Whoever said “you can’t teach an old dog new tricks” must have had one very lazy, disobedient dog. After all, it’s also been said that “life begins at 40” – so why not give your career a new lease of life by retraining with us?
Becoming an electrician at 40 years old may seem like a drastic change of pace, but it can be a welcome transition if you're looking to shake up your professional life or simply enhance your existing skillset.
Why become an electrician at 40?
The number of 40+ workers seeking a new career path has seen a steady increase in recent years, and trade work has emerged as a top choice for those brave enough to change their trajectory. But why?
Until something drastic happens in the world of technology, most British homes are going to need a steady supply of gas and electricity, making energy-related trades a viable path for anyone looking to shake up their work life.
What’s more, the autonomy that comes from learning a trade can be a real breath of fresh air. Having an energy trade under your belt not only opens up doors to established umbrella brands like the “Big Six” (British Gas, EDF, E.ON, Npower, Scottish Power and SSE), it also creates clear and realistic avenues to self-employment, allowing you to set your own terms, be your own boss, and work for yourself.
How to become an electrician at 40
There's a whole laundry list of reasons why a person may want to become an electrician at 40: from a voluntary career change to a catalytic reaction to redundancy. Whatever your reason may be, the path to a new horizon starts with a single step in the right direction.
If you’re reading this blog – congratulations! That first step starts here. So kudos for being proactive… now what?
Well, the road to becoming a qualified electrician has three primary stops along the way:
Typically achieved on a full or part-time basis, training will provide you with the essential knowledge and expertise on how to do the job efficiently, safely and professionally.
2. Work Experience
Like any job, first-hand work experience is a vital component in transferring theory into a practical, real-world environment.
Once you’re equipped with the theoretical knowledge and practical experience, a final assessment will determine if you’re ready to make it in the wide world of the electrical trade. This part is important, because practising electricians are required to hold certain qualifications before they can start working.
While the specifics of your training programme will vary depending on the chosen course – be it Essential, Professional, Premier, etc. – these three steps provide a basic blueprint of what to expect when you enter a course.
After you’ve completed each stage on this electrifying journey, you’ll reach your final destination as a fully-qualified electrician!
Benefits of retraining at 40
While it may seem like a daunting task, becoming an electrician at 40 is far from impossible. In fact, it can be a hugely exciting journey for anyone brave enough to make the leap.
Don’t let Father Time put you off either – you’re never too old to learn something new. What’s more, mature students can have the hot hand over their younger counterparts in a variety of ways.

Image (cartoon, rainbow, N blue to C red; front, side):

Mature students typically have a firm career path in mind when they re-enter education, along with a clear idea of where they want to go once qualified. Time away from the educational highways and by-ways can also provide career clarity and motivation to truly knuckle down.
For mature students, the decision to retrain is a conscious one made individually (unlike many teenage students, who can be easily swayed and led astray by friends and family influence). This can also translate into a more focused approach to learning, making the temptation to miss a session or neglect course revision seem a lot less attractive.
Additionally, life experience can be a real asset in the classroom, adding another dimension to your approach to learning. The self-discipline needed to succeed on a trade training course can be easily transferred from personal to professional life experience; the same can be said for organisation and prioritising.
Benefits of becoming an electrician at 40
From a professional standpoint, there are also further benefits to being aged 40+. As a general rule of employment, employers typically like mature graduates of any ilk as they come ready-made with many key attributes attached. These employer-friendly specs include two important things: experience and qualifications.
While a younger, newly-qualified electrician may have youthful exuberance on their side, they can also lack experience in the working world and can also at times still be relatively immature from a professional standpoint.
What’s more, customers are also said to feel most comfortable with a tradesperson over 40. A consumer study by Watersafe showed that customers believed the most trusted age of a tradesperson to be 41. In fact, the most trusted age bracket was 36 to 49, achieving a whopping 50% of the overall vote.
Make the jump
With retirement age creeping further and further out of reach with what seems like eternal regularity, staying put in a job you hate is as good as a life sentence. In fact, the feeling of Sunday night dread and Monday morning misery can be a prison in itself.
A career change can be a real shot in the arm, making your working hours more enjoyable but also changing the way you live your life. As the old saying goes: “if you love your job, you’ll never work a day in your life”. Love your job and live your life with a career change that lights a spark inside you.
What are you waiting for? Take the power back into your hands with an electrician course today! For more information on electrician courses, click the buttons below and explore a new career now.
Electrical Training Courses Contact Access Training